There is a game theory concept called Schelling points that I find very applicable to personal goal setting.
A Schelling Point is a point that is mutually recognizable between two or more people without talking. Picture an X’s and O’s board. All the squares are clear except for one with an X. If you gave this picture to two people sitting separate rooms, and asked them to pick a spot that the person in the other room will pick, odds are they both pick the spot with the X.
This spot is distinct, unique. And it provides a clear distinction from all other options. It is a point that is easy to agree upon.
Points like this are important in negotiations. If you pull out a map of the U.S. or Europe and look at the borders between states and countries you can see that many of the borders are rivers. Rivers are perfect Schelling points. It is just easier to say you get that side of the river, and I get this side than to try and get a border 5 feet to the east of the river.
If I agree to let you have 5 feet on my side of the river what is to prevent you from later coming back and saying that you want an extra 15 feet. I’ve sacrificed the natural divide, and now it is easier to justify taking more land.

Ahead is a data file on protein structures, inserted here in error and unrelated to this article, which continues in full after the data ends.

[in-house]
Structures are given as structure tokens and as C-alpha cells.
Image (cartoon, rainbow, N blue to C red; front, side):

Schelling points are important in negotiations, and they are a helpful way to think about setting up your own life, or negotiating with your future self.
For me, writing every day is an important part of my personal development. The main thing I want to do is to spend time writing, but that is a bit abstract. It isn’t concrete. Publishing one post a day is absolutely concrete. It is clear. There is no wiggle room.
Had I decided to write for an hour each day it would be very easy to cut short to 50 minutes one day. Then, maybe a few days later I might only do 45. Maybe one day I would only have time for 30. It’s still writing, and it’s easier to justify.
Writing one hour a day isn’t a great Schelling point, but publishing a post once a day is.
It is very clear. It is either yes or no. There is no half measure. There is no way to let the commitment slip. It is a simple and clear divide between meeting my goal or not.
When setting goals, instead of thinking about what you would choose to have happened in a perfect would, set goals with the clearest distinction between success and failure that is possible.
Cold turkey is often more effective than easing off of a habit because it provides a clear Schelling point. There is an obvious distinction between success and failure. There is no slippery slope. It is either yes or no.